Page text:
OSWEGO, NY Ã¢â‚¬â€œ The county’s Economic Development and Planning Committee this week passed a pair of resolutions in support of Fort Ontario and Selkirk Shores.
Both resolutions will be brought before the full legislature at Thursday evening’s meeting.
The meeting is slated for 7 p.m. in the County Building, East Bridge Street.
The New York State fiscal crisis has prompted the governor and others to make drastic decisions with regard to potential savings in their operating budgets, according to Legislator Morris Sorbello, committee chair.
One such decision was to close or minimize operations at various state parks and historic sites. In Oswego County, Fort Ontario and Selkirk Shores have been targeted.
Oswego County residents and visitors have enjoyed the public swimming beach at Selkirk for several generations. Until very recently, this beach was the only public swimming area on the Lake Ontario shoreline within Oswego County.
The resolution also points out that many local businesses rely on the activity generated by the day trips that families make to the park for the sole purpose of using the beach. And, others rely on the activity generated by the visitors who come to the park to camp each season.
If the beach is closed, legislators fear that many local businesses will fail or at very least be forced to reduce employment at their respective operations.
For more than 250 years, Fort Ontario has been part of the Port City. It has served as a military facility and, currently, as an educational site.
Oswego’s fort has become a preferred location for re-enactors from around the world and annually draws thousands of visitors to the city and county for that purpose.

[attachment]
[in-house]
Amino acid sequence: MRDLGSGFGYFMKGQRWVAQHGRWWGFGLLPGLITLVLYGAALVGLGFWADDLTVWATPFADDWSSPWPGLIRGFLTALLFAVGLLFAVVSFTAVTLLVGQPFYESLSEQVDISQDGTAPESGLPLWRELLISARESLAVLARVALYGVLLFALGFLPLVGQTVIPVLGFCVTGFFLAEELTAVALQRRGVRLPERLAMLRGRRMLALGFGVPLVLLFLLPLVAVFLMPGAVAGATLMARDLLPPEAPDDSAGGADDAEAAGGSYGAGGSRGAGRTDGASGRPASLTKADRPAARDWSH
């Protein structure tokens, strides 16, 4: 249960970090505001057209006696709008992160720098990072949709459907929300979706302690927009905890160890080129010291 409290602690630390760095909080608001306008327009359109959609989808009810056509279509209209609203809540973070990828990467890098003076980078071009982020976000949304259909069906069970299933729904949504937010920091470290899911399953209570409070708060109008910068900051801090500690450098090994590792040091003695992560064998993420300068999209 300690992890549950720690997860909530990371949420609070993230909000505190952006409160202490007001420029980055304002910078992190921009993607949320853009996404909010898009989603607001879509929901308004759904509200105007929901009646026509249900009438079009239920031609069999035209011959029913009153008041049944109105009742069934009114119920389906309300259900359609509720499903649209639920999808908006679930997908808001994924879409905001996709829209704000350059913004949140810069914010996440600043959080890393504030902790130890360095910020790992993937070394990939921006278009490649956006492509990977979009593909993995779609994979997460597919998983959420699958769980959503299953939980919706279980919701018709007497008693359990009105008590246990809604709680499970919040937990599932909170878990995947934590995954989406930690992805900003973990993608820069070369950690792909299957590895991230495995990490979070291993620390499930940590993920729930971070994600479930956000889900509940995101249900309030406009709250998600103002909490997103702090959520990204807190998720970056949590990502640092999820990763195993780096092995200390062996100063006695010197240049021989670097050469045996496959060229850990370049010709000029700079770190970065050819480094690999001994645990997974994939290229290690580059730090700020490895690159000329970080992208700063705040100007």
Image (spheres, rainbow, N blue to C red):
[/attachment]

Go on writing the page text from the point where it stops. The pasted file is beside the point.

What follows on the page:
County officials describe it as “perhaps the anchor of our cultural-heritage tourism resources and attractions as nearly 150,000 people use the grounds each year. It is the most visited historic site in the entire Central New York region.”
The use of the fort grounds and buildings as the only emergency refugee center in the entire country for victims of the Nazi Holocaust during World War II raises its status to national prominence, they added.
Besides being a state park, Fort Ontario is also a military burial grounds, Legislator Louella LeClair pointed out.
It has been estimated that it would save the state “around $32,000” to close Selkirk beach and “around $110,000” to close the fort, according to Phil Church, county administrator.
It really isn’t a lot, he pointed out, when you’re talking about a $12 billion deficit.
“In the past couple of years, we have had a ‘fat tax’ on soda and stuff that gets everybody riled up and focused on that; and the bigger bottle bill that gets everybody riled up and focused on that,” Church said. “This year, it is closing parks and historic sites. That’s done, I believe, so that work is not done as it should be on meaningful budgetary reform in New York State.”
So besides just stating opposition to the plan, the county’s resolution includes a “whereas” that encourages state leadership to focus on meaningful budgetary reform and systemic changes that need to take place to solve New York State’s budget problems right away, the county administrator pointed out.
The vast majority of closings, Church added, are taking place in Upstate New York.
“In downstate, they’re simply reducing the hours of operations,” he said. “Does anyone see a pattern here?”
The committee recommended the entire legislature request that Selkirk and the fort be removed from the list of proposed parks and historic sites to be closed.
Copies of the resolutions will be forwarded to the governor, the commissioner of NYS Department of Parks, Recreation and Historic Preservation, as well as several other state officials.